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MARTY WILL DO ANYTHING TO SAVE SHILOH
When Marty Preston comes across a young beagle in the hills behind his home, it''s love at first sight -- and also big trouble. It turns out the dog, which Marty names Shiloh, belongs to Judd Travers, who drinks too much and has a gun -- and abuses his dogs. So when Shiloh runs away from Judd to Marty, Marty just has to hide him and protect him from Judd. But Marty''s secret becomes too big for him to keep to himself, and it exposes his entire family to Judd''s anger. How far will Marty have to go to make Shiloh his?
Phyllis Reynolds Naylor's first work was published in a church magazine when she was 16 years old. She paid her way through college, where she majored in clinical psychology, by writing and selling stories. Naylor found that she enjoyed writing so much that she abandoned her plans to attend graduate school. WHAT THE GULLS WERE SINGING, her first published work for children, appeared in 1967. Her 1991 work, SHILOH, was awarded the Newbery Medal.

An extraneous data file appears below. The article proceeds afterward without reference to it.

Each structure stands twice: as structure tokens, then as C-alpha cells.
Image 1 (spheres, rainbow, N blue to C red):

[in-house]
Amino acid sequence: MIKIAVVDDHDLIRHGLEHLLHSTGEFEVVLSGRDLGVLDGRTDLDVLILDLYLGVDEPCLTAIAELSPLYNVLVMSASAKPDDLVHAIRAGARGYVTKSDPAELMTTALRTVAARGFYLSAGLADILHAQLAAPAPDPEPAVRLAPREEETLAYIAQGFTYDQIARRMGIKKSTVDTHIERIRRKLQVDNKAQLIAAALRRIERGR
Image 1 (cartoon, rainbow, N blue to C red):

"A gripping account of a mountain boy's love for a dog."
From the Publisher
Set in the hills of rural West Virginia, this is the story of 11-year-old Marty Preston and the dog he sets out to rescue from its abusive owner. Although Marty knows better than to do battle with the foul-tempered Judd Travers, he is unable to stop himself when he discovers that the gentle but frightened beagle he found roaming in the woods has run away from Judd. Although Marty initially returns the dog, he is unable to do so when the dog escapes from him a second time and returns to Marty's gentle care. Knowing that his parents will send the dog right back, Marty builds a pen for his new pet, whom he names Shiloh, and secretly cares for him--hoping, in the meantime, to raise enough money to buy the dog from Judd. However, caring for Shiloh means lying to his friends and family, a situation that causes Marty great pain. A study of human nature, sacrifice, ethics, and the eternal bond between boy and dog, SHILOH won the 1992 Newbery Medal.
The day Shiloh come, we're having us a big Sunday dinner. Dara Lynn's dipping bread in her glass of cold tea, the way she likes, and Becky pushes her beans up over the edge of her plate in her ruse to get 'em down.